The '90s are back!
In fashion, there are fewer claims more rote than this one. But the habitual recycling of trends notwithstanding—and there are plenty of chokers, flannel, and fanny packs these days—a look around us really does seem to reveal that we are living through a bizarro re-examination of the decade that gave us grunge and Generation X.
Right now, we are awaiting the return of the Clintons to the White House. Monica Lewinsky is giving TED talks. Anita Hill is testifying again, this time on HBO's Confirmation. We are even talking about Hulk Hogan, but in a contemporary Internet twist, he was the one being bullied. Woe is me, brother!
Meanwhile, the public is entertaining new evidence in the O.J. Simpson murder case. In fact, thanks to Ryan Murphy’s The People v. O.J. Simpson, many of us learned, as if for the first time, that there were in fact two white Broncos and that America’s current first family, the Kardashians, saw the whole melee unfold from the very front row, surely planting ideas about their own plots to take over the media industrial complex.
In hindsight, the O.J. case, in terms of complete and total audience engagement, may have anticipated the choral voice of our public consciousness that is Twitter. ESPN’s upcoming documentary, O.J.: Made in America, is an exhaustive seven-and-a-half-hour examination of the nation’s social and racial climate during the trial. And Martin Sheen is even producing a docu-series called Hard Evidence: O.J. Is Innocent, which Sheen will narrate in the same dignified rasp he used to play the beloved President Bartlett in The West Wing, which premiered in 1999.
Recently, New York’s Jewish Museum opened a major show devoted to Isaac Mizrahi, fashion’s boy wonder of the ’90s. Following quickly on its heels, the RISD Museum put on a solo retrospective of the designer Todd Oldham, an essential figure of the New York fashion world during that era, and an ambassador of fashion to the MTV generation through his DIY “Todd Time” segments on MTV’s House of Style.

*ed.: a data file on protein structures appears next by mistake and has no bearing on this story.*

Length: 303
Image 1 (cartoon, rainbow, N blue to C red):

The host of the original House of Style, of course, was Cindy Crawford. Although she is freshly retired from modeling, at 50 years old she still managed to cause the Internet to gush over her sharing the cover of French Vogue with her 14-year old daughter, Kaia Gerber, who is the spitting image of Mom. She's just getting started, but Gerber is poised to lead a new generation of supermodels, along with Kendall and Gigi, who by their mastery of social media will eventually lord over the universe of branded entertainment and culture, in the same way the original supermodels—Cindy, Naomi, Linda, Christy, and Kate—did in the '90s. (Not that the 1.0 versions have gone away entirely; Naomi is still kicking around.)
There are legacies—like the wonderful O’Shea Jackson Jr., who played his father Ice Cube in Straight Outta Compton—and there are remakes. The Gilmore Girls reboot will only throw more gasoline on the cult that has arisen around that program. Fuller House was savaged by critics, but the new Baywatch movie, with Zac Efron and The Rock, looks like harmless fun. (Hasselhoff is back too, according to IMDb.) Speaking of The Rock, he has come a long way from his '90s WWE days, even if we are still calling him The Rock. And it’s nice to have you back, Michael Keaton. Maybe the Spotlight team can investigate where you were for the last decade.